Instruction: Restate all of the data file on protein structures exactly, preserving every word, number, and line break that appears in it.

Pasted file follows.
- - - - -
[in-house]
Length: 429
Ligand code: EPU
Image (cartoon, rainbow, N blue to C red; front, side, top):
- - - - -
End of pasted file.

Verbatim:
[in-house]
Length: 429
Ligand code: EPU
Image (cartoon, rainbow, N blue to C red; front, side, top):